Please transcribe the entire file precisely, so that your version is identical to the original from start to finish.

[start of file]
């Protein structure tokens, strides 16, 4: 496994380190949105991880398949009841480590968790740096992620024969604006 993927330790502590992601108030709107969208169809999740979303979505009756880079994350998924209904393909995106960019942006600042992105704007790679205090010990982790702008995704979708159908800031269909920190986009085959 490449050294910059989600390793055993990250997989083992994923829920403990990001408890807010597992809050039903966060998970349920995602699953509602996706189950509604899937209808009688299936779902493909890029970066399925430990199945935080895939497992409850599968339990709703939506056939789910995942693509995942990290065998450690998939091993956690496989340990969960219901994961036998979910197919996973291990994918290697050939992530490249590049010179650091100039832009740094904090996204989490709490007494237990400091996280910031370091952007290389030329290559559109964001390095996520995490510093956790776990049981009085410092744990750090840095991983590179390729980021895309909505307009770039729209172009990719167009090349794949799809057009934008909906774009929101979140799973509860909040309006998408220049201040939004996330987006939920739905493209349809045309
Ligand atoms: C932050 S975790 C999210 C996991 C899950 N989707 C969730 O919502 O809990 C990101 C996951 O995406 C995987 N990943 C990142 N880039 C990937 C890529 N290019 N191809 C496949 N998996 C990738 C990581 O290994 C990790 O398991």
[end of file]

């Protein structure tokens, strides 16, 4: 496994380190949105991880398949009841480590968790740096992620024969604006 993927330790502590992601108030709107969208169809999740979303979505009756880079994350998924209904393909995106960019942006600042992105704007790679205090010990982790702008995704979708159908800031269909920190986009085959 490449050294910059989600390793055993990250997989083992994923829920403990990001408890807010597992809050039903966060998970349920995602699953509602996706189950509604899937209808009688299936779902493909890029970066399925430990199945935080895939497992409850599968339990709703939506056939789910995942693509995942990290065998450690998939091993956690496989340990969960219901994961036998979910197919996973291990994918290697050939992530490249590049010179650091100039832009740094904090996204989490709490007494237990400091996280910031370091952007290389030329290559559109964001390095996520995490510093956790776990049981009085410092744990750090840095991983590179390729980021895309909505307009770039729209172009990719167009090349794949799809057009934008909906774009929101979140799973509860909040309006998408220049201040939004996330987006939920739905493209349809045309
Ligand atoms: C932050 S975790 C999210 C996991 C899950 N989707 C969730 O919502 O809990 C990101 C996951 O995406 C995987 N990943 C990142 N880039 C990937 C890529 N290019 N191809 C496949 N998996 C990738 C990581 O290994 C990790 O398991």